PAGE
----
A key component of a settlement agreement is normally the requirement that the parties keep the terms of the agreement, and the underlying facts, confidential. Whether this is because the employer does not want to be seen to be setting precedent, or is making a commercial payment to avoid the cost of litigation, care should be taken to ensure appropriate drafting. Businesses will be subject to criticism if it appears they are flouting discrimination laws and “buying off” claims under settlement agreements – indeed in some instances the confidentiality provisions may be unenforceable.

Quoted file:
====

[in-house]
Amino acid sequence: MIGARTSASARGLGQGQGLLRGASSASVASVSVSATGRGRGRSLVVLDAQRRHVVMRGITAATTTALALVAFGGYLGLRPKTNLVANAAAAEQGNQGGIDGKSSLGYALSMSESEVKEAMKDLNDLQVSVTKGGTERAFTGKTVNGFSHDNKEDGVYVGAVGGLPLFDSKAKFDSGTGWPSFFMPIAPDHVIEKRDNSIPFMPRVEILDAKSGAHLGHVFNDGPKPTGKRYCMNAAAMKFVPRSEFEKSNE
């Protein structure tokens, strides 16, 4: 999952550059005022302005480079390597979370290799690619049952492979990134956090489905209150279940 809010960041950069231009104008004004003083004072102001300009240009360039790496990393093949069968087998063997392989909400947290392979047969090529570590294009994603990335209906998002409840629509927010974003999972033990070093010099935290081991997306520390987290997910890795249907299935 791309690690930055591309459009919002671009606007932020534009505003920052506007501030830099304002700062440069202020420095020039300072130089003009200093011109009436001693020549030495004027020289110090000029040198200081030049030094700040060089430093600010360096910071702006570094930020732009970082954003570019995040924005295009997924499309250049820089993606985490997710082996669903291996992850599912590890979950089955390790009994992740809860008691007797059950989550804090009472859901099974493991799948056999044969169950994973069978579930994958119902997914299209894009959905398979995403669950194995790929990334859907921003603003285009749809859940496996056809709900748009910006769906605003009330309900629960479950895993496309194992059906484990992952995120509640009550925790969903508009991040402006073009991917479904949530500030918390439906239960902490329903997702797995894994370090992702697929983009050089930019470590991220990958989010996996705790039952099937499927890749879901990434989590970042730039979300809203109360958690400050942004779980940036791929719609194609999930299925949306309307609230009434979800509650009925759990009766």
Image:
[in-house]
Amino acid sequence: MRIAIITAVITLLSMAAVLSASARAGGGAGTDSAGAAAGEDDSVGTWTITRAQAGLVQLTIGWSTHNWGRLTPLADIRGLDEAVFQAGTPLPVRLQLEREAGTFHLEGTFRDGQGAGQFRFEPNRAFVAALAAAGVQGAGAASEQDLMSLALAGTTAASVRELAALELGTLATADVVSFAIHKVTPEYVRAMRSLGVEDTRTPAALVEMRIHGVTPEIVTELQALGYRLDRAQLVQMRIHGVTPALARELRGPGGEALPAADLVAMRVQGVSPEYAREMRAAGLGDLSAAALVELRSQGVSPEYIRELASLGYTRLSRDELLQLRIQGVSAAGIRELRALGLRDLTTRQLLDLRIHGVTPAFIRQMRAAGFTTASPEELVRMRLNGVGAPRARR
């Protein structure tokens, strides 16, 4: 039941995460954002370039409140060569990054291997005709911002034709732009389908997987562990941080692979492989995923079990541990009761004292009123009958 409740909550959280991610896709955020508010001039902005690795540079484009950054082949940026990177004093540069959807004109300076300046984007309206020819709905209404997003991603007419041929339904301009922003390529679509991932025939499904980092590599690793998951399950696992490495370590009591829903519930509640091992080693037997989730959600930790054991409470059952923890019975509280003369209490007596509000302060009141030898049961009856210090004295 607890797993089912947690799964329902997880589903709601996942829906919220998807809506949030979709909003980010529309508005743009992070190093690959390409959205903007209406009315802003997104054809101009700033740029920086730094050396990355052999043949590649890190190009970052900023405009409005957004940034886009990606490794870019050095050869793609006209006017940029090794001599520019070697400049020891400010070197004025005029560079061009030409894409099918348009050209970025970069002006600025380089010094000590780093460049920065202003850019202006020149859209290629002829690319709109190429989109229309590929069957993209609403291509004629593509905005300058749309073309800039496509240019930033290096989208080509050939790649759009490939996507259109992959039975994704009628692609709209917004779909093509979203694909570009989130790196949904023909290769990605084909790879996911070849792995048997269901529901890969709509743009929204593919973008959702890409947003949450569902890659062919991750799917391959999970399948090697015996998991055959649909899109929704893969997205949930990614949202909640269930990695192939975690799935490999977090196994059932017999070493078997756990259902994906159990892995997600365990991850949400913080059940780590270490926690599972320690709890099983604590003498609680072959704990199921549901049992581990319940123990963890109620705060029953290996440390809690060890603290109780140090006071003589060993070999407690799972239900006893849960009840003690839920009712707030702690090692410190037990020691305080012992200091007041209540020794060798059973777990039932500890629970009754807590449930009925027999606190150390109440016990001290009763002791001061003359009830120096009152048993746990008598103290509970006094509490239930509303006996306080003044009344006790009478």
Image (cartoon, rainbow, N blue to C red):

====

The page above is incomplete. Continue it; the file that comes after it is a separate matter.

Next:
Breaches of clauses requiring confidentiality, or other common clauses, such as those requiring the parties not to make disparaging comments, might give rise to breach of contract claims.
In addition to a clause requiring that the agreement itself remains confidential, settlement agreement often include clauses that re-state the employee’s existing confidentiality obligations in respect of sensitive commercial information.
Confidentiality clause can have exceptions, for example, to ensure that the employee can discuss the agreement with their spouse or partner, professional advisers and as required by law. It should normally be made clear that confidentiality clauses do not prohibit whistleblowing.